Editorial: Buhari And His Bullet For Biafra

President Buhari
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Following the killing of nine Nigerians – comprising protesters, passers-by and policemen – in Anambra last Thursday, the Inspector-General of Police (IG), Mr. Solomon Arase, has been widely reported to have directed the Police “to clampdown” on members of the Indigenous People of Biafra (IPOB) and Movement for the Actualisation of the Sovereign State of Biafra (MASSOB) anywhere where they might be found.
According to reports, the apparently miffed IG directed the police formation in the South-East and neighbouring states “to henceforth maximally exercise their statutory mandate in relation to prevention and disruption of any gathering that threatens public order and national cohesion. Any person or group of persons so arrested in furtherance to the enforcement of this order will be made to face the full wrath of the law”
And, taking all of us to the cleaners, Arase reportedly described Nigerians as “lawless, even as he assured IPOB and MASSOB members that the police “will clamp down on them, we will deal with them, we will prosecute them. Already, we have about 137 of them who are undergoing prosecution across the length and breadth of the South East and we will continue to do that.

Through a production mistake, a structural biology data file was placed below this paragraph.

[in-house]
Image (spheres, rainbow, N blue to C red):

We observe here, however, that the IG’s imprudent reaction is reflective of the Nigerian State’s staple step to issues of this nature from Independence till date. Best illustrative of this kneejerk response was the three-and-half- year-long Nigerian Civil War, which started as a mere “police action.”
And as it is also the norm, some otherwise respectable leaders who should know better have dismissed the current IPOB and MASSOB as “miscreants.” even as not a few Nigerians from the South-East were quick to distance themselves from the protesters, and very conveniently too.
May we say here and upfront that we believe and are committed to the unity and the indivisibility of Nigeria. However, may we also state that the recourse to bullets to blow away this apparent renewed quest for the defunct Biafra Republic by the post-Civil War generation of Nigerians of South-East origin – really, new Pharaohs who do not know the Josephs of the contextual history of the first Biafra’s troubled birth and distressed demise – is not well thought out and is bound to fail, just as the same course of action failed to put down earlier ethno-centric agitations, notably those launched by the Oodua Peoples Congress (OPC) in the South-West, the militancy of the South-South.
If anything, the Federal Government’s action can only make a cause celebre of the pro-Biafra leaders and their fledging movement. A different line of action is needed and it is up the Federal Government to put on its thinking cap here and today to douse this simmering fire.

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